olsob, whale sharks

KendrickWhaleshark

last week, i went to cebu and stayed at yoshi hirata’s resort in cebu (mactan) club paraiso / pcom dream. yoshi is a marine biologist who moved from tokyo to the philippines to start up his own dive operation. he is the #1 world premiere whale shark photographer (published by the likes of national geographic and BBC) and not only is he among the world’s best marine photographers, he is also a fantastic chef! ┬áhe arranged for us to dive with the resident whale sharks that frequent the shallow waters of oslob, 3 hours south of cebu. the following are some shots i got of these gentle giants. we encountered around 6 of them on 2 dives with the largest being around 10m (over 30 feet) long. i took these shots with the 5d mark iii in natural light with a nauticam NA-5DMIII underwater housing and ultra wide angle canon 16-35mm f/2.8 L II USM lens. click the image for full size.

WS4

SFWhaleShark

WS1

WS3

WS5

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hippocampus bargibanti

pygmyjer

i just returned from anilao, in batangas, philippines testing out my new nauticam NA-5DMKIII housing for my canon 5D Mark III DSLR camera. it was my first attempt at super macro photography and was terrific fun. one of my favourite macro finds (i think i can speak for most divers) is the ever shy pygmy seahorse (scentific name hippocampus bargibanti). these tiny creatures measure around the size of your pinky fingernail and are generally found well camouflaged amongst soft corals and gorgonian sea fans. i found this little guy (pictured above) hiding amongst a sea fan with around 6 other of his (or her…i’m still learning to tell the difference) companions! an adult can measure as short as 13 mm in length – that’s around 1/2 an inch! pygmy seahorses are unique in that they breathe through a single gill slit on the back of their heads, as opposed to the more common seahorse that has gill slits on both sides of its head. but similar to the common seahorse, the males brood and take care of their young. i took this photo while in anilao with my canon 5d mark III DSLR inside a nauticam NA-5DMKIII housing, dual inon Z240 strobes, f11, 1/125 sec, canon 100mm f2.8L macro IS USM lens. – jeremy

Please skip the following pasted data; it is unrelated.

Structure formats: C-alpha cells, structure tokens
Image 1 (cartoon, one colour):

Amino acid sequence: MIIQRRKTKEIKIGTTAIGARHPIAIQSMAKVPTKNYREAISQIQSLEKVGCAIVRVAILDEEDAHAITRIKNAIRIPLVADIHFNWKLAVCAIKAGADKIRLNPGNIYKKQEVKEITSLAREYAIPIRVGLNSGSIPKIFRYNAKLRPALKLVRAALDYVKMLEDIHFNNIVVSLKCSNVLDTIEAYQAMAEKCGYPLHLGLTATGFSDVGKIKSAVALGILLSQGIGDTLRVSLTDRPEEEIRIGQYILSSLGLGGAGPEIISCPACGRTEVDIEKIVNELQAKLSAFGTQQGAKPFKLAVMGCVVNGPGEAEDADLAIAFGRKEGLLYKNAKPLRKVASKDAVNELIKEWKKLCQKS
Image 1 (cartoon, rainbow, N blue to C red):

Ahoy! U.S.S. Bonhomme Richard in Hong Kong

U.S.S. Bonhomme Richard 1 U.S.S. Bonhomme Richard 2 U.S.S. Bonhomme Richard 3 U.S.S. Bonhomme Richard 4 U.S.S. Bonhomme Richard 5 U.S.S. Bonhomme Richard 6 U.S.S. Bonhomme Richard 7 U.S.S. Bonhomme Richard 8

The Wasp-class amphibious assault ship U.S.S. Bonhomme Richard (LHD-6) sailed into Victoria Harbor this week. Welcome Marines. An impressive array of rotor wing and V-TOL (vertical takeoff/landing) aircraft on board. The U.S.S. Bonhomme Richard was commissioned in 1998 and is based in Sasebo, Japan – not far from home.

Some interesting things to note:
– The U.S. flag flying at half mast because of the tragic Navy shipyard shooting that happened this past week in the United States.

– The colored “E”‘s painted on the port side of the bulwark – they are Command Excellence Awards.
Black “E” = Maritime Warfare Excellence Award
Red “E” = Engineering/Survivability Excellence Award
Green “E” = Command & Control Excellence Award
Green “H” = Health and Wellness (Medical) Excellence Award
Blue “E” = Logistics Management Excellence Award
Yellow “E” = Commander, Naval Surface Forces (CNSF) Ship Safety Award
Purple “E” = Efficiency Excellence Award
The hash marks underneath the award means they’ve won the same award multiple times over consecutive years.

– The folding wings of the V-22 Osprey’s sitting on the forward deck and one sitting on the ship’s aircraft elevator.

– The Marine Corp Harriers (4 of them) – the only vertical takeoff-landing fixed-wing aircraft – sitting on the stern deck.

Photos taken by myself from my flat in Tsim Sha Tsui, Kowloon, Hong Kong. Canon 5DMKIII. 19 Sept. 2013.

Fun with Fisheye

FISHEYE1 image Got my hands on Canon’s 8-15mm f/4 L fisheye lens and this was my first shot outside my window on a spectacularly clear Hong Kong afternoon. Pardon the reflection from my rooms’ mirrored windows. Another shot from my office over the North Pole. – Looking forward to taking this lens underwater on my next dives. Click the image for full resolution file. Canon 5D Mark III.